When it comes to your family physician, you may think it has nothing to do with your addiction. Perhaps you even see an addiction specialist or go to outpatient treatment. But just because you’re getting treated outside of your primary physician’s office for addiction doesn’t mean you don’t need a family doctor who understands addiction. Because you do.
Your Best Interest
Your physician should always have your best interest in mind, but when he or she’s not informed about all of your health issues, including addiction, it makes treating the whole you impossible. Without an understanding of addiction, the doctor may unintentionally do things that aren’t in your best interest, simply because he or she doesn’t know better.
Addiction wreaks havoc on your mind and body and can cause all sorts of issues from tics to diabetes to bipolar disorder. If your doctor is unaware of the vast impact addiction can have on your body, they may be treating you with the wrong course of action.
Addiction is known to cause of 70 different ailments and conditions, including stomach ulcers, constipation, depression, and anxiety. With the rising costs of health care, allowing your doctor to waste time and money prescribing medications that won’t work and running tests that won’t show anything is irresponsible.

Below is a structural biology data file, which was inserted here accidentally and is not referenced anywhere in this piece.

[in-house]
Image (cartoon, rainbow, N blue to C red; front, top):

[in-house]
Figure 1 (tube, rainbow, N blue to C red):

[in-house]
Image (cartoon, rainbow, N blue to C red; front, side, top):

Dealing with Addiction
Although you may think your family physician automatically knows about addiction, most do not. As a matter of fact, most doctors fail to identify and diagnose drug addiction in their patients.
Perhaps some of this is unintentional, but many believe it’s because most primary care physicians do not know how to handle a patient’s addiction. They don’t know how to talk to the patient about the substance abuse, and it becomes frustrating when they don’t know what to do. And with less than two percent of physicians have any training in addiction, it’s no wonder they don’t know how to approach the topic or what direction to go in.
As medically assisted treatment continues to grow in demand, the need for more doctors educated in addiction medicine grows as well.
Suboxone and methadone are becoming more common treatment options for those with opiate addictions and each doctor can only handle so many patients. Perhaps as physicians recognize the demand, there will be more that learn about addiction and incorporate that knowledge into their practice.
When you’re addicted to drugs or alcohol, it can be hard not to let it define you, yet it’s important to be open, honest, and upfront with your physician regarding your addiction. Explain from day one that you’re in recovery and that it’s a priority in your life. This allows the doctor to ask questions and know how to approach you regarding drug and alcohol abuse.